Faith, Doubt, Sanity, and Don Quixote

Last week in my class “Faith, Doubt, and Reason” we began discussing Don Quixote, which the students had begun reading not long before. It was something of a puzzle to them what the connection was between the novel and the theme of the class. But the connections are there, and there are many of them.

For one thing, there is the question of the relationship between faith and sanity. It is hard not to consider how Quixote's life was shaped by reading particular stories as a potential parable of the religious life: texts and stories can transform us and we can live in light of them, and that is not necessarily insanity. But when those stories so shape our view that it distorts it, so that those we do not get along with for mundane reasons become demon-influenced enemies a la Frank Peretti, we may have crossed the line from sanity into something else.

It is not that being shaped by stories, having a worldview influenced by certain narratives is inherently crazy. But there is clearly a point, however blurry, at which we have gone too far.

This connects with the major focus of our class discussion the last time the class met: What is sanity/insanity? Several suggestions were offered. One was having a “distorted view of reality.” But we all fit that description – our eyes limit the wavelengths of light we see, and our minds limit the information of which we are conscious. Here too there is a spectrum. Another suggestion was “differing from what is accepted by a society.” But that seems potentially to blur cultural difference and insanity. Is that person standing too close to you, speaking too loudly, and gesticulating with their hands crazy, or Italian?

There is a line, somewhere, but delineating it precisely is hard, and that is to be expected. There are degrees of delusion and self-deception, and an extent to which a degree of them is inevitable as part of human experience.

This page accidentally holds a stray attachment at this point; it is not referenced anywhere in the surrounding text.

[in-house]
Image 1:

So we focused next on another question. If being extremely deceived or deluded is (or is indistinguishable from) insanity, then how do we avoid having that happen to us? It was at this point that I was struck by the answer that students gave:


Doubt has been the least favorite of the three elements that make up the title of the class. Not that anyone is opposed to doubting – everyone doubts the truthfulness of hundreds of things people say that they a inclined to disagree with, and such doubt aimed at others is not incompatible with insanity. it is the doubting of one's own perspective that the students suggested is the key to avoiding delusion and insanity. As long as Quixote does not doubt that he is a knight, that windmills are giants, and other things he interprets in his unique way are what he thinks they are, not only is he out of his mind, but there is little hope that sanity and reality can get through to him.

And so it turns out that doubt is crucially important, and it is essential that, if we have been told that doubting the correctness of our assumptions and beliefs is inappropriate and destructive, we come to doubt that. Because unwillingness to do so eliminates one of the few effective means we have as human beings to remain sane and prevent strong and dangerous delusions from taking hold of us. Or at the very least, even if doubt may not be able to altogether innoculate us against loss of sanity, doubting our perception and our views seems to be something that indicates that we have not lost it yet.


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